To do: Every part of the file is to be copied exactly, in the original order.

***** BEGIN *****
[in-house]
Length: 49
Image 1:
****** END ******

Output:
[in-house]
Length: 49
Image 1: